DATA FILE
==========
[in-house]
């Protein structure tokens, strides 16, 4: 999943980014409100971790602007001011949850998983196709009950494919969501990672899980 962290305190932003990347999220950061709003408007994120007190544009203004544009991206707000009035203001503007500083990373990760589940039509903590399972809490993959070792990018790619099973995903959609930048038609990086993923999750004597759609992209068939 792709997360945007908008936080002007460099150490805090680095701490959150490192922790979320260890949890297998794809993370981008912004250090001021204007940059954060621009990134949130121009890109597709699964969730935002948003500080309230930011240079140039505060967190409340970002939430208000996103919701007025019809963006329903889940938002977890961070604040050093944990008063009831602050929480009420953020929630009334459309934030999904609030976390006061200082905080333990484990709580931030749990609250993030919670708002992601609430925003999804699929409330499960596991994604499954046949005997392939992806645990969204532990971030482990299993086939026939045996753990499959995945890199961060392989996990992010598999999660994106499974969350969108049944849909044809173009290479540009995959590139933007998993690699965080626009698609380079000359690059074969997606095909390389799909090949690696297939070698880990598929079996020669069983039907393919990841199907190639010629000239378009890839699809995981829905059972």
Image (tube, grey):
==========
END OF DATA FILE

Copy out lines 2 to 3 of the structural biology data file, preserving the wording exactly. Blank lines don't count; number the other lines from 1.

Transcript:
């Protein structure tokens, strides 16, 4: 999943980014409100971790602007001011949850998983196709009950494919969501990672899980 962290305190932003990347999220950061709003408007994120007190544009203004544009991206707000009035203001503007500083990373990760589940039509903590399972809490993959070792990018790619099973995903959609930048038609990086993923999750004597759609992209068939 792709997360945007908008936080002007460099150490805090680095701490959150490192922790979320260890949890297998794809993370981008912004250090001021204007940059954060621009990134949130121009890109597709699964969730935002948003500080309230930011240079140039505060967190409340970002939430208000996103919701007025019809963006329903889940938002977890961070604040050093944990008063009831602050929480009420953020929630009334459309934030999904609030976390006061200082905080333990484990709580931030749990609250993030919670708002992601609430925003999804699929409330499960596991994604499954046949005997392939992806645990969204532990971030482990299993086939026939045996753990499959995945890199961060392989996990992010598999999660994106499974969350969108049944849909044809173009290479540009995959590139933007998993690699965080626009698609380079000359690059074969997606095909390389799909090949690696297939070698880990598929079996020669069983039907393919990841199907190639010629000239378009890839699809995981829905059972």
Image (tube, grey):